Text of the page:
So what if you have not found it yet?

This may sound counter-intuitive, but avoid looking for it. The process will leave you feeling frustrated and disappointed. Instead, experiment. Surf the possibilities by trying new things, anything and everything. When something excites you, dive in deeper. Also try not to limit yourself by time. The beauty of the Fulbright Program is that there are no age limits: you can apply at the age of 22 or 32. You have a chance at it every year, so take the time to find out what you are truly passionate about.

Where do I start?

• Randy Pausch’s The Last Lecture: Achieving Your Childhood Dreams
( An incredibly inspirational story.

• The Art of Manliness: Finding Your Calling Part IV
( A five part series on how to find your vocation. Ladies, please do not judge this website by the name. I promise you that the advice is universal, regardless of their intended male audience.

• Scott Young: Seven Steps to Evolving a Passion
A great article that puts things into perspective, showing that finding your passion is not an overwhelming, large-than-life task.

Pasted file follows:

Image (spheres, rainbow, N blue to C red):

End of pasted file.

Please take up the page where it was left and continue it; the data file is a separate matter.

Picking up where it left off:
2. Build and maintain a professional network.

Your personal and professional contacts are one of the most important resources available to you. This is true whether you are applying for a Fulbright grant or just getting started with your career. But a network is so much more than colorful business cards and email addresses; it is all about the quality and diversity of these relationships, built one connection at a time. If you have a strong network, then it will be much easier to establish your host country affiliation. This is exactly how I acquired my affiliation in Valencia; my research adviser collaborated with the head of spinal cord injury research at the Shepherd’s Center, who had attended the Miami Center for Paralysis, where Dr. Ramón Cueto was a visiting professor. It was just a matter of leveraging my existing network to help put me in touch with Dr. Ramón Cueto.